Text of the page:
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Building up Newark

The city’s incoming economic development chief talks about what she’s done and what she expects

Allison Ladd, director of Newark’s Department of Economic and Housing Development,

Allison Ladd, the incoming director of Newark’s Department of Economic and Housing Development

Allison Ladd, the deputy director of the Washington, D.C. Office of Housing and Economic Development, is slated to take over as director of Newark’s Department of Economic and Housing Development, replacing John Palmieri. Ladd recently spoke with NJBIZ reporter Daniel Munoz about her tenure in the nation’s capital and the challenges she sees in New Jersey’s largest city.

“We have to find a way that allows the residents who have lived in the city generation after generation” to benefit in cities such as Newark or Washington, D.C., she said. Here are some other excerpts from the interview.

On Washington’s housing investments: “Our mayor invested $100 million of local funds to something called the Housing Production Trust Fund. It’s gap financing … to developers. They will build or create new housing or preserve existing housing in the city. … The funds can only finance about 50 percent of the project, so the developer has to come up with the other 50 percent. … In just over four and a half years that I’ve worked here, we’ve been able to look at a portfolio of projects that’s been over $500 million of D.C. investment. …

On gentrification: “We have a mayor who’s investing in bringing those companies and developments to a city, but we also have generations of families who lived here and who want to stay here and the cost of housing is growing. … It’s really back to that preservation strategy.”

On tax incentives: “Tax incentives, it can be controversial, but I think that if we understand the value of what the business is bringing to a neighborhood, then we can help strike the balance.”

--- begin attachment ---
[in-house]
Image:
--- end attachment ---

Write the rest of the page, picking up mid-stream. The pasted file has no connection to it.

On the incentives offered to Amazon: “When you look at the types of jobs that can be created, and what type of revenue, and tax revenue, can move in from a company like Amazon, you have to put your best foot forward. … D.C. was disappointed like Newark was. … But I don’t think that any of us want to give more than we’ll be able to receive back to the residents, because that’s really my goal. Any growth that we have on… business development or economic growth should all reach the people that live there.”

On opportunity zones: “I know that Newark and New Jersey have been leaders in trying to bring more private funds into underserved communities. … It’s still new to us in the economic development and housing arena. … I think that some of it, as I’ve heard the mayor talk about, saying how sometimes it’s about getting the energy around the effort of having people place Newark on a map and having people say ‘I want to invest here, or let me go learn more about this neighborhood, this community, this city’, and opportunity zones is for us to talk about what opportunities are in the city.”

On the challenges ahead: “I know that Newark has a large number of vacant and blighted [properties] and with the governor signing the land bank legislation last week, I know that it’s going to be a huge lift for Newark to be able to capitalize in the vacant lands and bring some type of transformation for those lots within neighborhoods.”

Daniel J. Munoz
Daniel Munoz covers politics and state government for NJBIZ. You can contact him at dmunoz@njbiz.com.

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